I’ve used mine for five multi-day trips so far and I’m very pleased. I don’t have a bladder pocket on my rucksack so I strapped mine to the top of the lid of the pack. I started using a mesh of elastic cords, but I found that once the bottle reduced in volume it became loose and fell off. The sharp whack on the legs took me my surprise a few times. My next (and current) method is putting the bottle into ‘hip belt pocket’ which I strap to the same attachment points on the lid of my pack. Whilst this isn’t perfect it works pretty well. I really recommend the pack makers who made my pocket, Aiguille. They will do bespoke modifications too, so I’m considering sending them a picture of my lid attachments points and getting them to make something with clips in the right places. I have a 10 litre bum bag from the same people and it is excellent.

But back to the bladder / soft bottle. I carry two, and it’s handy that I can roll up the second one until I need to fill it at the end of the day. At this point I make use of its haul loop so I can secure it to the side of my pack with a karabiner. As for the hassle of cleaning, I found that I had a trick up my sleeve in the form of the no-rinse sanitizer that I used when brewing. Once I’ve flushed it out at the end of a trip I put 20-30 ml of this into the bottle, shake and them empty and seal it and this keeps it free of new life forms with reasonable ease. As a commercial brewer I use 100 ppm peracetic acid solution, but the more easily obtained StarSan would be another good option. As a final tip, if you carry two like me, get two different colours so you have a clear distinction between your dirty and clean water container. If you draw some water from a clean source (i.e. a tap) or want to filter some water in advance then this makes for an easily tell which is which. For example, I’ve found that pre-filtering is necessary if you plan to use such a system below ca. -2 C when the filter is prone to freezing. Once filtered you can sleep with the clean water in / close to your sleeping bag so it’s liquid and ready for a brew up in the morning.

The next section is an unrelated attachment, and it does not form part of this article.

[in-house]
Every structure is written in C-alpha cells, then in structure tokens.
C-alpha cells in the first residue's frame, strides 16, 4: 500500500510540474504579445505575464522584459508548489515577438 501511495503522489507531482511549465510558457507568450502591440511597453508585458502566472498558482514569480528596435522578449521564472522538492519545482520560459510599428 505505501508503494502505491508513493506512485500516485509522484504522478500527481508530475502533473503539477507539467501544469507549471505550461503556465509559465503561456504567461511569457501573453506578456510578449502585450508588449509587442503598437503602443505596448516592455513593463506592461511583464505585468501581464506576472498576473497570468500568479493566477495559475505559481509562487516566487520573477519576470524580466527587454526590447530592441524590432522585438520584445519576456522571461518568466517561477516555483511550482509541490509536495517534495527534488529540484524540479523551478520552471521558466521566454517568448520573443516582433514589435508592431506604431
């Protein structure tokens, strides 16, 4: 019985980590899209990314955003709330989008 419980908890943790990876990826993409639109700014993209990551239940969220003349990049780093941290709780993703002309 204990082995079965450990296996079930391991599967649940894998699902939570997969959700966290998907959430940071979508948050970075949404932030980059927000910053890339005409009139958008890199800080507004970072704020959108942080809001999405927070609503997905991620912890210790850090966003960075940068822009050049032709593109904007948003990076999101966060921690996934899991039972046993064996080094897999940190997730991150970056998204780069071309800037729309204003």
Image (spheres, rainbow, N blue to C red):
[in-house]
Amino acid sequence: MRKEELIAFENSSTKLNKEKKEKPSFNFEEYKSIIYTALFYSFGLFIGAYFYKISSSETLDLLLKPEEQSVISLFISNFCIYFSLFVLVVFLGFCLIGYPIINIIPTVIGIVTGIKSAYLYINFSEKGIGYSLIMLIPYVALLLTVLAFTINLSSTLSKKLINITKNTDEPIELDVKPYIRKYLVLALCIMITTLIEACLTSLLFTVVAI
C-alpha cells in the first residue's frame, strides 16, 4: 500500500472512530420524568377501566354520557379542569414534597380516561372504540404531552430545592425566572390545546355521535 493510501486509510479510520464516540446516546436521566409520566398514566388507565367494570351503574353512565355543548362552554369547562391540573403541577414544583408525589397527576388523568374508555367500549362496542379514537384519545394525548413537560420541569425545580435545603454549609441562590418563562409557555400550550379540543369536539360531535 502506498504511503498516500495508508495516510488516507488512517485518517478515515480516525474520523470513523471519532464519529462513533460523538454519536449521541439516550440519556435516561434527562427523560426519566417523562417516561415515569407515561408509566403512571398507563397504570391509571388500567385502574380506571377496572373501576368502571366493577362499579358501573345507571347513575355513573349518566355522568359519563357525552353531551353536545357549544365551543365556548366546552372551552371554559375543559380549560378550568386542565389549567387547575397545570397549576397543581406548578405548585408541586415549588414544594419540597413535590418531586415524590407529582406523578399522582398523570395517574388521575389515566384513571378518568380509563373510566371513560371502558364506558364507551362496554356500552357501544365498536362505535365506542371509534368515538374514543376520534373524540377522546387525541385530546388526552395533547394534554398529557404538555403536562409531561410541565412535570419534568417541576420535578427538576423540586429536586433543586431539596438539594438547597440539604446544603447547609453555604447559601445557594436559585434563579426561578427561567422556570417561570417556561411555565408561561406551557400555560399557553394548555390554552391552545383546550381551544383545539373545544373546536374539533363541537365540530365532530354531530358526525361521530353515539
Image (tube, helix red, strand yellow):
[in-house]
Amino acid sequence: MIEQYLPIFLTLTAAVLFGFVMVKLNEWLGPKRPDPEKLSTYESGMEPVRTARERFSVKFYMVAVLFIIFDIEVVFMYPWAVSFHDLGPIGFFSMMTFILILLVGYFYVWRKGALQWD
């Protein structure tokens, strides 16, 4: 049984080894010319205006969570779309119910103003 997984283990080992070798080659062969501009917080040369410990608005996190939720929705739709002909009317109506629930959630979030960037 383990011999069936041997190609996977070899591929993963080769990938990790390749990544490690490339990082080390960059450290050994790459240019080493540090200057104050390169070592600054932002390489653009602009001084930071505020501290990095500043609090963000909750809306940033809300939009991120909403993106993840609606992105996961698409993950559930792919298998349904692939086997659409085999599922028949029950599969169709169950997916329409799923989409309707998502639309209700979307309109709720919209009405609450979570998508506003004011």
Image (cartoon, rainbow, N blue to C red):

Final comments

Whilst the CNOC bottle is easier to fill, I’ve never yet found a water source that I could not harvest with almost the same easy with the HydraPak Stow. The one litre size is really convenient and having two smaller bottles rather than one larger one is working very well for me. I’d happily recommend them as a water reservoir solution to use with a filter like the Sawyer or Katadyne.